Feb 4 2010

Is Poker a Game of Skill?

written by: John under News Comments: 1

Poker GirlFor now it depends on where you live…

In the United States, each individual state possesses its own authority to decide whether it is legal to play poker for money, and the regulations vary significantly. In Texas, poker for money is legal only in private residences. In Indiana, poker for money is legal only at regulated casinos. In Utah, poker for money is not legal at all.

Last year in a ruling handed down by Judge Thomas A. James in Pennsylvania, it was ruled that Texas Hold ‘em is a game of skill, and therefore, not gambling under state law.

Cigital Inc. Study

A study released in 2009 proves poker is without a doubt a game of skill. Cigital Inc. in cooperation with Rational Entertainment Enterprises Limited (REEL) and PokerStars, recently published the findings of its 103-million-hand study.

The 103 million hands were taken from a series of Texas Hold ‘em cash ring games on PokerStars and were played between December 1, 2008 and January 2, 2009. Texas Hold ‘em is a 7-card game with simple rules that a beginner can learn and begin to play immediately and is the most played form of poker today. However, it is a fast and complex game that takes skill and practice to master.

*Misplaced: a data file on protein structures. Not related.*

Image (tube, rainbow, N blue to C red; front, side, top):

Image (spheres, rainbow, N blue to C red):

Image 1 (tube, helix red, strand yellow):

The Cigital study analyzed hands from multi-player games in the micro-limit arena with 10 cent, 25 cent, and 50 cent blinds. Cigital looked at the data without predisposition towards the final outcome and found that the majority of the hands played were won without deference to the actual value of the cards, as only 24.3% of the hands went to a showdown, and only 50.3% of those were won by the player holding the best five-card hand.

The most interesting statistic though, was that only 12% of the hands were won by the players who made the best hand early and took it to a showdown to take the pot. The vast majority of hands were won through betting strategies that did not rely on the best five-card hand to win.